When the time comes to downsize, it can be stressful to try and consolidate your belongings. Whether you’re moving from a large family home because the kids are gone, or moving into the city where space is at a premium, you’ll need to decide what’s important and what can go.
Here’re our top tips for downsizing.
It may seem redundant at times, but decluttering is always the best place to start whenever you’re going to be making a move. It becomes extra important when your space will be limited in the new home. Marie Kondo, an organization expert suggests going by category when attacking a whole home. Start with books, then move onto clothing, shoes, etc. She suggests that handling an entire category of the home is much more fulfilling and inspiring than going room by room.
Know What Spaces You’ll be Losing
Make a simple sketch of your current home and the one you’ll be moving to and compare them against each other. Understanding what types of spaces you’ll be giving up is critical in deciding what can come along with you. Moving to a small home typically means a smaller kitchen, less living space, and smaller closets, so plan accordingly.
While the sprawling sectional couch and California King bed has served you well, it may be time to rethink the large furniture. Comfort is Paramount at home, but the last thing you want to do is shimmy your way out of bed or walk sideways behind the couch. There’s a good resale market for large, and especially high-end furniture, so sell the big stuff to fund your new purchases. Accessory furniture such as coffee tables and makeup vanities may have to go too, but you’ll appreciate the extra space in your new home, trust us.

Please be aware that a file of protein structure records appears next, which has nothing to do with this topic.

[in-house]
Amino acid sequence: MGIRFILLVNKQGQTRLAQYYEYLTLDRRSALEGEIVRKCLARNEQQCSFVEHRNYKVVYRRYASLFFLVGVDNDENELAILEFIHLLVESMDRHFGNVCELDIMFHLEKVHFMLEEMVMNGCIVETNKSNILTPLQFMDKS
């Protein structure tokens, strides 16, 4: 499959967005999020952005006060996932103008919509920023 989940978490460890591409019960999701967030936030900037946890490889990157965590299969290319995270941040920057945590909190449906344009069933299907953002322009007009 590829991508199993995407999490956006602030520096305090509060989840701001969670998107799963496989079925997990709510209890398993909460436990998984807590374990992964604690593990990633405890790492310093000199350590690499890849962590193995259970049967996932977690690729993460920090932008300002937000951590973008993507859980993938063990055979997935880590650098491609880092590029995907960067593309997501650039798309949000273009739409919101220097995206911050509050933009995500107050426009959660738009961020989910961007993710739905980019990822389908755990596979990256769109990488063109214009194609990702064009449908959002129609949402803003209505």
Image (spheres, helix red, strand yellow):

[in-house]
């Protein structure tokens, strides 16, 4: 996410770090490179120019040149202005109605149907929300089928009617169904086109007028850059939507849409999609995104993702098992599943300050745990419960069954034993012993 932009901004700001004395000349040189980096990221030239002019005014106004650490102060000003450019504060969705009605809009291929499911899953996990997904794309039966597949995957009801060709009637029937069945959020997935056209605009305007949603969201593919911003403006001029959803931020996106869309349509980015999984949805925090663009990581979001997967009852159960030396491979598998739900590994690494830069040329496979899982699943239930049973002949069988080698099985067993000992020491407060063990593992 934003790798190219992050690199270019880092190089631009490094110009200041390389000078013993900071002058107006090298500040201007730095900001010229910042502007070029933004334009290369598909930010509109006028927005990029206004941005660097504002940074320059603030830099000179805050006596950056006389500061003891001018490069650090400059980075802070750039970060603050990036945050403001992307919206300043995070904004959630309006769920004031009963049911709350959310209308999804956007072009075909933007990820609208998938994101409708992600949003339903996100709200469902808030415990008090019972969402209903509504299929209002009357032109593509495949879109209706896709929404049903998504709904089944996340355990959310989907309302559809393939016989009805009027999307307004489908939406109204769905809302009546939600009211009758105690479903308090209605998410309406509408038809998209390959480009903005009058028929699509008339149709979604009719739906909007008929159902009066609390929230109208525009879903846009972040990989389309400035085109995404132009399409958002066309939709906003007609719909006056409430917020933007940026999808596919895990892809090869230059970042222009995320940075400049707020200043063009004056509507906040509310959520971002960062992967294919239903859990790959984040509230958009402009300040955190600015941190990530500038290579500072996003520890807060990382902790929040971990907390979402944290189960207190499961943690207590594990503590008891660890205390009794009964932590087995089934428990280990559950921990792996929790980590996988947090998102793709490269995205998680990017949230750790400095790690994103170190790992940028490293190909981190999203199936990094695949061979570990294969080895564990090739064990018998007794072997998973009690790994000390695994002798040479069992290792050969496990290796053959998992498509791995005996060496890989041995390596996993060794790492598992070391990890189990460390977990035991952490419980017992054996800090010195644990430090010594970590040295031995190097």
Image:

Consolidate Common Spaces
It may not seem optimal at first, but consolidating spaces that serve the same general purpose can be a huge space saver. Maybe it’s time to merge the home office and the reading room or the play room with the “man cave”. For the sake of unity, ask everyone who will be making the move to sacrifice something so that no one feels as though they are the only ones losing something.
Formal Goes Casual
Formal dining rooms were a staple of American design for decades, but that trend is on the way out. A recent poll on Houzz showed that less than a quarter of readers use their dining room on a daily basis. In fact, 65% admitted they only use them on holidays and when house guests are present.
If you’ll be losing the dining room in your new place, sell that large farmhouse table and pocket the proceeds. Replace it with a space saving casual table that fits in the kitchen. If the new place does have a dining room, repurpose it. A space that size could easily be the home office, playroom, exercise room, and have a corner reading area.
Bigger doesn’t mean better, and smaller doesn’t mean worse. There are great benefits to be had from downsizing your home and thinning out your possessions. While many people are saddened by this, we believe that depression is quickly healed by all the spare time they find themselves with once there is half as much to clean and keep up with in their new home.